Lean In, Lean Out, or Fall Over?

One of the most awesome things about being a white male is that I can write about minority issues or women’s issues with complete confidence, because I’m a white male and therefore automatically knowledgeable about such things. I’ve been told this is the very definition of entitlement, which is what I’ve been saying all along… I am entitled to write about the issues and experiences of other people in a knowing if slightly condescending way.

So… chick stuff.

In case you live under a rock, Lean In is the best-selling book by Facebook COO Sheryl Sandberg, who is the kind of woman that other women line up to hate on.

It’s easy to see why.

If Sheryl underwent gender re-assignment surgery and became Shane Sandberg, he would be an alpha male. Ambitious, driven, professionally successful, great home life… men would be lining up to learn how he did it. Except he is a she, and when you say “she is ambitious and driven” it sounds like you’re describing Sharon Stone’s character in Basic Instinct.

Maybe not with the psychotic murderer thing, but you never know.

The point from Lean In as I understand it is that right when women should be reaching the prime of their career, they chose to step back. The reasons for this are varied but tend to center around expectations, both of themselves and what women feel others expect of them.

I have been in an interesting place these past few months because I’ve gone from being under-employed to un-employed to now insanely busy. Mrs. Nostrikethat has felt the impact as she has picked up all of the slack. Everything from 100% car pool duties to remembering to drag the trash cans out Thursday night. I have been able to lean-in precisely because I have a dedicated home team propping me up.

So how does it work in reverse?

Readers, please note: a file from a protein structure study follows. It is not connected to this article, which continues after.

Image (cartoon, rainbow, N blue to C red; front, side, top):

Let me ask the question another way: if someone leans in, doesn’t someone else have to lean out?

I remember one incident from my recent past. I was with the client trying desperately to finish up a major project by the deadline. At the same time, I had made a commitment to Mrs. Nostrikethat to be home by 5:30 at the absolute latest so she could make it to her class. As the day dragged on, it became increasingly apparent that we weren’t going to get done in time to allow me to make it home. I was confronted with a choice: do I tell a new client while I am still in “trial mode” that “I’m sorry, I know we’re almost done, but I have to stop working right now and go home?” or do I bounce a check to the Bank of Wife and hope for the best?

I opted for the latter.

It wasn’t pretty.

I was late, she was late, everyone was grumpy. But the key point in this story is that I had the luxury to make that choice precisely because my partner leaned out and was already home with the kids. If I was a single parent I wouldn’t have that choice– daycares aren’t very forgiving when it comes to leaving your kids there all night. By necessity, I would have to lean out and “mommytrack” myself- take a less demanding, less visible job that had stable hours and less variability to the work.

Now let’s say that at some point in the future Mrs. Nostrikethat decides to relaunch her career. There is still roughly the same amount of work to be done. Milk must be bought, kids must be picked up from school when they’re sick, laundry must be laundered. She can’t lean out when she’s just starting to lean in again, so I have to be the one to pick up the to-do list for the family unit. No amount of time management skills will help in dealing with the variability that is children.

Until we as a culture collectively decide that long hours are not the currency of professional success nothing is really going to change for women, because the men in their lives won’t have the option to pick up the slack.

What do you think?